Appeal by defendants from Crissman, Judge. Judgment entered 10 October 1978 in Superior Court, Guilford County. Heard in the Court of Appeals 31 August 1979.
Erwin, Judge. Judges Clark and Wells concur.
Defendants contend that the trial court erred in making findings of fact without any evidence introduced by the plaintiffs in support of those findings. We agree for a different reason. In entering its judgment, the trial court relied on the purported stipulation of facts contained in the pretrial order and based its findings of fact thereon. It does not appear of record that the stipulations reduced to writing were signed by respective counsel, and the alleged stipulations appear only in the findings of fact. In a similar instance, our Supreme Court held that the stipulations
as reported were subject to challenge. See Crowley v. McDougald, 241 N.C. 404, 85 S.E.2d 377 (1955). In Crowley v. McDougald, supra, the plaintiff had excepted to purported stipulation of facts contained in a referee's report, and it had not been made to appear that the stipulations were reduced to writing and signed by the plaintiff or her counsel.
G.S. 1A-1, Rule 16, of the Rules of Civil Procedure provides in pertinent part:
"If a conference is held, the judge may make an order which recites the action taken at the conference, the amendments allowed to the pleadings, and the agreements made by the parties as to any of the matters considered, and which limits the issues for trial to those not disposed of by admissions or agreements of counsel; and such order when entered controls the subsequent course of the action, unless modified at the trial to prevent manifest injustice."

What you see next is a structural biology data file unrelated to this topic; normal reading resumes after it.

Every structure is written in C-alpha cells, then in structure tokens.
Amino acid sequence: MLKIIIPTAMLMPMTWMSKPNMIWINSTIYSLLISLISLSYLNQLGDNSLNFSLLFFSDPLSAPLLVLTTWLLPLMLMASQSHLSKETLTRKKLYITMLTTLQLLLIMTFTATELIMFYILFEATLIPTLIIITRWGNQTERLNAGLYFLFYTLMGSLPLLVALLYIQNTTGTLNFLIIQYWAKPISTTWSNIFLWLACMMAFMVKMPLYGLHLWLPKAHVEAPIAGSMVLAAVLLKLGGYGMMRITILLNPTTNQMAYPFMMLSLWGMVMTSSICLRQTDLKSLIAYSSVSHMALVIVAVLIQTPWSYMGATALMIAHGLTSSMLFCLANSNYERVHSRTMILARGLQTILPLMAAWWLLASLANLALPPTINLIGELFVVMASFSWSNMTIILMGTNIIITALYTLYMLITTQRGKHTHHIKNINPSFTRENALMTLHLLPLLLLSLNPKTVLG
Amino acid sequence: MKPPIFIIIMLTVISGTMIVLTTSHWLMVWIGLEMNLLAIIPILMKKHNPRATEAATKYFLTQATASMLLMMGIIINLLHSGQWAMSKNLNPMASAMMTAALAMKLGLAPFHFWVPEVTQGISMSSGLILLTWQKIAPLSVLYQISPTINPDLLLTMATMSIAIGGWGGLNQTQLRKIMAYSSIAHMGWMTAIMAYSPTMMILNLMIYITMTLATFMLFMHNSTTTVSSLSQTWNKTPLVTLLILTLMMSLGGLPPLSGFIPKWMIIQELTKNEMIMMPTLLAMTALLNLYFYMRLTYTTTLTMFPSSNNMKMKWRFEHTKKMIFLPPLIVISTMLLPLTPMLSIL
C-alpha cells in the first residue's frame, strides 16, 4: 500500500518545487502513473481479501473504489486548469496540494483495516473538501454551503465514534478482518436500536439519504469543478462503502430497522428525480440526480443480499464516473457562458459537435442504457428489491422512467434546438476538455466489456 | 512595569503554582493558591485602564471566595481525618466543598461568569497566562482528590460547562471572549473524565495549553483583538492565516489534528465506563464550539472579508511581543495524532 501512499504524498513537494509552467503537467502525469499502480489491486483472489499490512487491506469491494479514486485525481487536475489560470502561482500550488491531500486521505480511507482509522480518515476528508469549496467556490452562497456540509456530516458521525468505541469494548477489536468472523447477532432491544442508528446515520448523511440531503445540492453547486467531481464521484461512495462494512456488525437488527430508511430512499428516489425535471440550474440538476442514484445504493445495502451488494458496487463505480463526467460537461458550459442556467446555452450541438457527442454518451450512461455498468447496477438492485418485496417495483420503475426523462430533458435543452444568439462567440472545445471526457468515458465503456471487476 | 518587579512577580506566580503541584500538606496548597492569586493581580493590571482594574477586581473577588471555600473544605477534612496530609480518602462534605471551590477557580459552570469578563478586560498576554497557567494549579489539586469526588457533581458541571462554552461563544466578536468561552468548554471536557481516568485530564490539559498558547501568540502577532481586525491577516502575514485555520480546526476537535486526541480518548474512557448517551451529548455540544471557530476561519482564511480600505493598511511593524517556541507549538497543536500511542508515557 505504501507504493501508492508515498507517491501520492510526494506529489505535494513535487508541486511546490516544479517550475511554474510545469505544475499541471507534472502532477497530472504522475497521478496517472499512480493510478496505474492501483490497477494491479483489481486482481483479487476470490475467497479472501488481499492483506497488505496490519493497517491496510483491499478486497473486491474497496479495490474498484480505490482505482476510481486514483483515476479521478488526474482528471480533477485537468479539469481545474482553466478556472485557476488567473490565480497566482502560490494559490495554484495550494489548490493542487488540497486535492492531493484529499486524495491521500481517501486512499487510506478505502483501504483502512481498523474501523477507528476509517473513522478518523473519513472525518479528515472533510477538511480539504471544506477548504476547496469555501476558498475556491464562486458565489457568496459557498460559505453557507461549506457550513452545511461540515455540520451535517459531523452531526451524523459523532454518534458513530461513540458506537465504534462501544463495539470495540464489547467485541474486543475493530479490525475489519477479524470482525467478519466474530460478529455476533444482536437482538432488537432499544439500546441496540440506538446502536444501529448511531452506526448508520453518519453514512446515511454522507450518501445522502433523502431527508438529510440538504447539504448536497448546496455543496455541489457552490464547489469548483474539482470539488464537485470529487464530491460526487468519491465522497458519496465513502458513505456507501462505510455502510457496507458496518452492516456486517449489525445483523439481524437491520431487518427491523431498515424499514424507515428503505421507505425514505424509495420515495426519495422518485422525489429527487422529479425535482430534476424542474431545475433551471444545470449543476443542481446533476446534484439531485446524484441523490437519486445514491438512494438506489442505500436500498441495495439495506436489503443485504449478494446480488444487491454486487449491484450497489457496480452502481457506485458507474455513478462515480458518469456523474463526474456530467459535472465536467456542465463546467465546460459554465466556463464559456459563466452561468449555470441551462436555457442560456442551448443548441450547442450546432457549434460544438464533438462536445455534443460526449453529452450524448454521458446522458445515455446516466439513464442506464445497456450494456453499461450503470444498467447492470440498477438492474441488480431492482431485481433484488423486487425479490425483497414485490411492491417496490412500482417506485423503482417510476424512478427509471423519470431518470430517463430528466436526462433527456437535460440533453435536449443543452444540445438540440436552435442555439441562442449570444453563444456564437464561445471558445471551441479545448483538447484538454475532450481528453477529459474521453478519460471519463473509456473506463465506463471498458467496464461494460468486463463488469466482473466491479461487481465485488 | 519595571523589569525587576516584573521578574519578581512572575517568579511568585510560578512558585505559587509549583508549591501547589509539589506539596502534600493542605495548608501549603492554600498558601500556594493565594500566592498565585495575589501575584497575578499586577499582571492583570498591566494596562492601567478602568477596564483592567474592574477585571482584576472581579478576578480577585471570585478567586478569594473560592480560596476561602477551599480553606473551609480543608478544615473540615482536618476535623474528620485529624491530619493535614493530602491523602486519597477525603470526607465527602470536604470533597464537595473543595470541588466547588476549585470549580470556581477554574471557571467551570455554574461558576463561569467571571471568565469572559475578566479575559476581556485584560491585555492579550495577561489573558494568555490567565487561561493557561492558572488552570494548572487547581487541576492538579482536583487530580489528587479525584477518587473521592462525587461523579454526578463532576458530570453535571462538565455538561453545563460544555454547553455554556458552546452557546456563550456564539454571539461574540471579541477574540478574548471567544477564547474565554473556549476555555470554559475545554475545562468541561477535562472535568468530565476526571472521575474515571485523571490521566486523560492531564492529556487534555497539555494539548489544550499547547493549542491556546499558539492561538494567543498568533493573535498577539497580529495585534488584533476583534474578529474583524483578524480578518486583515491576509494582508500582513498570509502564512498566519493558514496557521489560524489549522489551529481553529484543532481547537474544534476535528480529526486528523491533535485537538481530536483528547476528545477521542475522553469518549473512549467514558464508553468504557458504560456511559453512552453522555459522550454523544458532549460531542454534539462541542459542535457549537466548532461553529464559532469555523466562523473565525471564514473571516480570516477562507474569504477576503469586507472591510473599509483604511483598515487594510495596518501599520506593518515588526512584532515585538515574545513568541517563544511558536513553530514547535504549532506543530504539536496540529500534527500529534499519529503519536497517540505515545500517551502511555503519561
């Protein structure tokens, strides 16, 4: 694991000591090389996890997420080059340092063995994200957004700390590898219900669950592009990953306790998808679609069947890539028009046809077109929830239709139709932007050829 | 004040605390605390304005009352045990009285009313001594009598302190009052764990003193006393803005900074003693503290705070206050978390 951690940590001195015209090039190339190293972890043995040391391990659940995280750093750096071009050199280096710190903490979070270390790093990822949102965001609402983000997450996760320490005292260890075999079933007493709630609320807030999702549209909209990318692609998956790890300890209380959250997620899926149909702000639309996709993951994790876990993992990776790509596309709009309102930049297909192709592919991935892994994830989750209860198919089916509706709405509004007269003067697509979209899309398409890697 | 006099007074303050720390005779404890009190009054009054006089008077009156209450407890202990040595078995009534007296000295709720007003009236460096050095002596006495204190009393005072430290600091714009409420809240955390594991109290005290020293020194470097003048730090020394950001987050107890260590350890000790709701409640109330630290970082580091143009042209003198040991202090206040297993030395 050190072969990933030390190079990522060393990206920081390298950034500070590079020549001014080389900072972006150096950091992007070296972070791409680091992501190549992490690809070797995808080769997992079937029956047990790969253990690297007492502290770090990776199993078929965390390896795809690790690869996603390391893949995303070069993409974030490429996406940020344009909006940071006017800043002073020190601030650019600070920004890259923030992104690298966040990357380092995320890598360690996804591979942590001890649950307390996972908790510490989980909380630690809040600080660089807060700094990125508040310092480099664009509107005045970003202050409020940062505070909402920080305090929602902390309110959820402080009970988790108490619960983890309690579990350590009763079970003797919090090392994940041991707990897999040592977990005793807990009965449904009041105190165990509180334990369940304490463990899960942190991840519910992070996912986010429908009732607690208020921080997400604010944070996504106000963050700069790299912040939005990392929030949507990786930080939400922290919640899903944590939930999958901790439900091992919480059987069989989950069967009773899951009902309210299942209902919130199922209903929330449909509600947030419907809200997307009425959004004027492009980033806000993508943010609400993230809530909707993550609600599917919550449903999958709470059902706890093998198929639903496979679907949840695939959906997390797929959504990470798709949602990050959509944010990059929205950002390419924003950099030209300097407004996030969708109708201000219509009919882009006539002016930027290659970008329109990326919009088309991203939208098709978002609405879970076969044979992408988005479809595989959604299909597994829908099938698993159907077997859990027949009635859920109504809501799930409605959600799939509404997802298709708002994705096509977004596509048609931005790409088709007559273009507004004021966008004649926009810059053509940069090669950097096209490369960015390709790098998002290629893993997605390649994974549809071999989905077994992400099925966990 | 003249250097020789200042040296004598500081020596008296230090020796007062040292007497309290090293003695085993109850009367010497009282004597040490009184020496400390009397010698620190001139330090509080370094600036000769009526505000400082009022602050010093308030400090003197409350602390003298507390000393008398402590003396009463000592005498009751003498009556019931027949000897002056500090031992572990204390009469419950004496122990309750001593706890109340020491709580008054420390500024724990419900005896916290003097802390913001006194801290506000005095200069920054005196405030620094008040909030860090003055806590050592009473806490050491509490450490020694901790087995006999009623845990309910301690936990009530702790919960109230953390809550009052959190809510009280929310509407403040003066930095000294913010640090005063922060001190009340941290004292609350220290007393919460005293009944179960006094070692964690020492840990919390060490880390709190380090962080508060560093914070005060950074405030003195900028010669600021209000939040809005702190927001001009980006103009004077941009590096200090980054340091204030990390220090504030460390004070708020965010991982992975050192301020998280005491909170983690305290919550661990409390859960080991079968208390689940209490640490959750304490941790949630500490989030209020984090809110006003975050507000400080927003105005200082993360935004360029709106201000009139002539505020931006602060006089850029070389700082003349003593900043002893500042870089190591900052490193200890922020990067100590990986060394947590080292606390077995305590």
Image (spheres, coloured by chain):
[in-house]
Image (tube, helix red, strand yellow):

While the rule allows the court to enter an order reciting action taken at the conference, present custom and better practice require that admissions, agreements, or stipulations entered into by counsel at the pretrial stage be evidenced by a signed writing. Cf. Crowley v. McDougald, supra. (Stipulations entered into in reference proceeding should be evidenced by signed writing to be binding.) See also 73 Am. Jur. 2d, Stipulations, § 2, p. 536. We are well aware that the pretrial conference is a mechanism intended to resolve those issues which are not genuinely in dispute, but nothing in the rule affords a basis for forcing the parties into admissions or stipulations where there is a genuine dispute.
Had the trial court merely relied on other evidence before it, we would be compelled to uphold its findings of fact. However, in the preface to its judgment, the court stated that it was relying "upon stipulation of facts as contained in the Pretrial Order filed in this proceeding." Thus, the record affirmatively discloses that the trial court's findings of fact were based in part on the disputed stipulation of facts. In such a circumstance, the judgment below must be and is